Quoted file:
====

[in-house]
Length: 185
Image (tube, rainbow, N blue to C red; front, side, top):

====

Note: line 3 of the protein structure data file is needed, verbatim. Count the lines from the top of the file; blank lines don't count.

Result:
Image (tube, rainbow, N blue to C red; front, side, top):